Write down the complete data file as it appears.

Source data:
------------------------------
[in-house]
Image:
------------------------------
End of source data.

[in-house]
Image: